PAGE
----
Just published

  • Bristol Through Maps: Ways of Seeing a City

    This book may well be unique. There are books on maps that describe nothing other than the maps themselves, and others that use old maps to talk solely about the history of a town or city. Bristol Through Maps includes 24 maps, in full colour, starting with the earliest known (or surviving) town map in the UK – from 1480 – which happens to be of Bristol. The book then brings things up to date with maps from 1480 to today and even looks at a form of map of Bristol’s future. The book discusses the different types and purposes of maps, provides information about many of the mapmakers and also includes information (some offering rather contrary views) about Bristol at the time of each map. And the maps are not just formal ones; the book includes mental maps drawn by local people, artists’ maps, planners’ maps, the ‘Pubstops’ map of Bristol, visitors’ maps and developers’ maps (or brochures). There are many different ways of seeing a city, as this book demonstrates in fascinating ways.







  • Don’t be Scared

    An anthology of stories, illustrations and poetry for children

    Published by Redcliffe Press for Above & Beyond, the charity fundraising for Bristol city centre hospitals.  All profits to Bristol Royal Hospital for Children.




  • Literary Bristol

    Literary Bristol: Writers and the City
    Ed. Marie Mulvey-Roberts

    Literary Bristol tells the story of Bristol through its writers.  Bristol has been recognised as a thriving port and commercial and industrial centre, as well as a city of churches, yet insufficient attention has been paid to its literary importance, even though more writers are connected to this ‘Venice of the West’ than almost any other city in England, apart from London. There are over a hundred significant authors, poets and playwrights linked to Bristol, which allow it to take its place as one of the world’s great literary centres. Bristol can lay claim to a significant number of literary firsts in poetry, prose and drama.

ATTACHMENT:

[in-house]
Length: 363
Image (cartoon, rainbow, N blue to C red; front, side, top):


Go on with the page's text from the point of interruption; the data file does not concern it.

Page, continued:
This book takes the reader on an armchair tour of Bristol, linking writer and place from the late eighteenth century up to the present day. Leading experts on Bristol’s literary tradition act as virtual tour-guides, pointing out the Romantic poets, early women writers, Gothic novelists, Victorian authors, dramatists and modern novelists who have left their mark on Bristol’s cultural cityscape. The relationship between writing and place is explored in innovative ways, drawing together neglected and famous writers connected with Bristol.



  • Murdered with Straight Lines: Drawings by Garth England

    Garth England was born in Bristol General Hospital in 1935, four years before World War II broke out. His mother named him after a blind pianist in a romantic novel by Florence Barclay, a blockbuster in its day. Garth spent almost all of his seventy-nine years living in neighbourhoods in south Bristol: Knowle West, Hengrove, Totterdown and Bedminster. The jobs he held throughout his life – paperboy, telegram boy, milkman and railway man – meant that he had a deep understanding of the rhythm, architecture and people of this part of the city.

    This book is made up of exquisitely detailed drawings by England of different stages of his life. Together they tell the poignant story of a childhood lived through a world war and its aftermath; the development of Britain’s Welfare State and social housing provision; vernacular architecture, indoor toilets and fitted kitchens.

  • The Bridport Prize 2016

    This collection, the winners of the Bridport Prize 2016, offers readers a taste of the best of new writing with the 33 finest poems, short stories and flash fiction chosen by Patience Agbabi, Tessa Hadley and Tim Stevenson from thousands of entries.


  • Women and the City: Bristol 1373-2000

    Edited by Madge Dresser, with contributions by Madge Dresser, Peter Fleming, June Hannam and Moira Martin.

    Women and the City is the first sustained study of the history of the women who lived in Bristol.  Lavishly illustrated, it charts the changing lot of ordinary women in one of Britain’s most important cities over the past 600 years, and seeks to document the expanding channels of female influence on the city’s economic, cultural and political life since medieval times.


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